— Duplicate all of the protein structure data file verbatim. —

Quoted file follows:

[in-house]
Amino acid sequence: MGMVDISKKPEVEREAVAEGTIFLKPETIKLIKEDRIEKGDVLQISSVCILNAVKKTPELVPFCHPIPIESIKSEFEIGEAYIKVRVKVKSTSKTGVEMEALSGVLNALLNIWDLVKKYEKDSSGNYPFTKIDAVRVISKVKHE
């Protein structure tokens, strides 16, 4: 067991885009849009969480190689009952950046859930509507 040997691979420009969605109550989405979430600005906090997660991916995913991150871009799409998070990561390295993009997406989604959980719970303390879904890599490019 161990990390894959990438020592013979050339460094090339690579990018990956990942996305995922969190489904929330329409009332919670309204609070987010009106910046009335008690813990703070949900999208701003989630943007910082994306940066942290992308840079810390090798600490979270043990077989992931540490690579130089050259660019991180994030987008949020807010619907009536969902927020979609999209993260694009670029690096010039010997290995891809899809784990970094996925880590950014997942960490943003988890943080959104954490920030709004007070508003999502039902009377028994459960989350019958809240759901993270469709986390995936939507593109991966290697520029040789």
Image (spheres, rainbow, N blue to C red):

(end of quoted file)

[in-house]
Amino acid sequence: MGMVDISKKPEVEREAVAEGTIFLKPETIKLIKEDRIEKGDVLQISSVCILNAVKKTPELVPFCHPIPIESIKSEFEIGEAYIKVRVKVKSTSKTGVEMEALSGVLNALLNIWDLVKKYEKDSSGNYPFTKIDAVRVISKVKHE
């Protein structure tokens, strides 16, 4: 067991885009849009969480190689009952950046859930509507 040997691979420009969605109550989405979430600005906090997660991916995913991150871009799409998070990561390295993009997406989604959980719970303390879904890599490019 161990990390894959990438020592013979050339460094090339690579990018990956990942996305995922969190489904929330329409009332919670309204609070987010009106910046009335008690813990703070949900999208701003989630943007910082994306940066942290992308840079810390090798600490979270043990077989992931540490690579130089050259660019991180994030987008949020807010619907009536969902927020979609999209993260694009670029690096010039010997290995891809899809784990970094996925880590950014997942960490943003988890943080959104954490920030709004007070508003999502039902009377028994459960989350019958809240759901993270469709986390995936939507593109991966290697520029040789």
Image (spheres, rainbow, N blue to C red):